The rise of BEVs is disrupting consumer behaviors and will continue to as BEV adoption grows. Forward-thinking retail brands, convenience stores and QSRs recognize this shift as a catalyst for growth. The ability to meet consumers’ evolving expectations can contribute to retailers’ future success. The path forward lies in understanding the changing landscape, prioritizing BEV drivers’ evolving needs and investing strategically to deliver solutions that address BEV drivers’ pain points and desires.

On May 21, 2024, we will host a free webinar, How the EV Revolution Will Upend the Energy, Retail, and Tech Landscapes, on the US findings from this study and how best to position your business for success in this new world.

Click the button below to learn more and register if you’d like to join us—and stay tuned for a future webinar focused on our study’s European findings.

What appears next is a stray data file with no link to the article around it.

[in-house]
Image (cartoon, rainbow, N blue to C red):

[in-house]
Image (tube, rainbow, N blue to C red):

Register Here


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About the study

Escalent interviewed a sample of 3,000 EV owners, EV Intenders, and used EV considerers from the UK, France, and Germany, ages 18 to 80, between August 22 and September 6, 2023. Respondents were recruited from the PureSpectrum opt-in online panel of adults and interviewed online. As such, any reported margins of error or significance tests are estimated and rely on the same statistical assumptions as data collected from a random probability sample. Escalent will supply the exact wording of any survey question upon request.

An image of Ranbir Sood, manager, central delivery with the Automotive & Mobility practice at Escalent
Ranbir Sood
Manager, Central Delivery, Automotive & Mobility And Energy